UK Hopes Other Countries To Show Commitment To Net Zero Carbon Emissions - Foreign Office

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UK Hopes Other Countries to Show Commitment to Net Zero Carbon Emissions - Foreign Office

The United Kingdom hopes that other countries will join the commitment to achieve net-zero carbon emissions, Jane Rumble, the head of the Polar Regions Department of the UK Foreign Office, has told Sputnik in an interview

MOSCOW (UrduPoint News / Sputnik - 14th February, 2020) The United Kingdom hopes that other countries will join the commitment to achieve net-zero carbon emissions, Jane Rumble, the head of the Polar Regions Department of the UK Foreign Office, has told Sputnik in an interview.

"The UK is one of the small number of countries so far who have committed to net-zero carbon emissions. We are advocating that others follow because it is very clear that the impact of climate change in the Arctic is not coming from the Arctic. It is coming from countries outside the Arctic," Rumble said.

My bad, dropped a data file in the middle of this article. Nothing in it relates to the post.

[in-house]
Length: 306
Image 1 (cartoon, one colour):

The diplomat noted that the only way to prevent climate change in the Arctic and further warming was to combat global climate change.

In June 2019, the UK parliament passed a law that stipulated a commitment to cut greenhouse gas emissions in the country to net zero by 2050, making the UK the first major economy to legislate lowering its contribution to global warming.

The UK has been on track toward a greener economy for years amid multiple controversies surrounding its policies to mitigate the effects of climate change.

Last May, the UK parliament declared a "climate emergency," following a series of protests by environmental activists, while not yet committing legally to any concrete measures. Two months later, parliament passed a law that stipulated a commitment to cut greenhouse gas emissions in the country to net zero by 2050, making the UK the first major economy to legislate lowering its contribution to global warming.

Last year, the International Energy Agency commended the United Kingdom for achieving record levels of cuts to carbon dioxide outputs since the late 19th century, in part due to extensive investments in the renewable energy sector.

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